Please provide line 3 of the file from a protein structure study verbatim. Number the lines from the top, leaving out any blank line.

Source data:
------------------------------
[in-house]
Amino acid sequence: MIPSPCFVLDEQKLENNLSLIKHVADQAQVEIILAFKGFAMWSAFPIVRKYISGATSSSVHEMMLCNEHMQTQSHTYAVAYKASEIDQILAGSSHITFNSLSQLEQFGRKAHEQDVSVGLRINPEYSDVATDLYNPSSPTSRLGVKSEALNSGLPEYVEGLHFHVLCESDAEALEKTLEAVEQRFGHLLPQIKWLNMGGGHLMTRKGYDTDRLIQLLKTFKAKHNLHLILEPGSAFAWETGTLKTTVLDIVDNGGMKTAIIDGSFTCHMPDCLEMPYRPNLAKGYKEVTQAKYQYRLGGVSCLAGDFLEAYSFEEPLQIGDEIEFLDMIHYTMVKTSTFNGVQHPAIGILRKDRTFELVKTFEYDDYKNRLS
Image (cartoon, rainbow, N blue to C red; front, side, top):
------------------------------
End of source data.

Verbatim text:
Image (cartoon, rainbow, N blue to C red; front, side, top):